Thursday, November 30, 2006

CSO enters 21st century in big way - ready to download Haitink/CSO Mahler 3rd from iTunes?

We'll have more on this later, but the Chicago Symphony Orchestra announced this afternoon that it will be returning to the airwaves next year - the first time since 2001 - with a 39 week series funding by BP. In addition, it will be issuing its own CD's and digital downloads, beginning with this past October's superlative performance of the Mahler 3rd conducted by Bernard Haitink. There's a lot more news in this blockbuster announcement. You can read the press release here.

Featherless Chickens Coming Home to Roost? Is Bruce Mau Chicago bound?

WBEZ's Edward Lifson has a posting this afternoon on his blog speculating that graphic designer and futurist Bruce Mau, whose exhibition Massive Change is on display at the Museum of Contemporary Art through the end of this year, may be pulling up his Toronto roots and moving to Chicago "and/or open a branch here of his Institute Without Boundaries." A bit of a log-rolling lovefest has apparently broken out between Mau and Mayor Richard M. Daley. Massive Change heaps copious praise on the mayor, and the mayor, in turn, presented specially created awards to Mau and all the other participants in a recent symposium tied in to the exhibition. Lifson thinks Mau may be coming here to help Mayor Daley prepare a Burnham Plan for the 21st Century based on sustainable design, but I'll be happy if he just musters volunteers to bio-engineer an alewife with a voracious appetite for zebra mussels - oh, and maybe a new breed of toilet-trained sea gulls to eat the alewives.

Wednesday, November 29, 2006

Tigerman, Assefa, Burnham, Sears (and lots of parties) mark the December calendar of Chicago architectural events

The town shuts down for much of the holidays, but the December calendar of Chicago architectural events still offers up Stanley Tigerman talking about his building for the Pacific Garden Mission, Sam Assefa talks about Sustainable Urban Policy at Archeworks, the authors of Richard Nickel's Chicago and The Plan of Chicago: Daniel Burnham and the Remaking of the American City have lectures and book signings, Franz Schulze talks about SOM at 70 at CAF, and much more, with lots and lots of festive items, including Candlelight tours and sleigh rides at Glessner House and historic Prairie Avenue. Preview the entire December calendar here.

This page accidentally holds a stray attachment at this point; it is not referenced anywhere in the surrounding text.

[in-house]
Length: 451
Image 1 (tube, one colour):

Tuesday, November 28, 2006


Richard Nickel's Chicago creates an moving portrait of the city and its people at mid-century, of wonders lost, and of the photographer who gave his life trying to save them.
Richard Nickel photographed ghosts. His subjects were the remains of the “City of the Century,” whose wild growth -- from 30,000 people to over a million and a half in under 50 years -- fueled the building boom that created Chicago’s early skyscrapers, its great houses, and the fantasy world of the 1893 World's Columbian Exposition. But by the time Nickel began taking pictures of Chicago in the 1950s, the inner city neighborhoods that had been the city’s pride had been panic-peddled s into slums, and by the late 60's rage piled on neglect and set the streets ablaze, while in the besieged Loop, a rich architectural heritage that was admired worldwide was decimated and discarded as if it were yesterday’s garbage. Read the rest of the poignant story - and see some of the photos - here.

Monday, November 27, 2006

Mayne sticks it to Eiffel

Reuters broke the story today that Pritzker-prize-winning Thom Mayne beat out nine other architects, including Norman Foster and Rem Koolhaas, to win the job of designing a new curving skyscraper for the Le Defence, the Paris enclave where modernism goes to die. The tower will rise 300 meters, just 24 meters shorter than the Eiffel Tower. Costing 800 million euros, "Phare" (meaning lighthouse) is scheduled to be completed in 2012.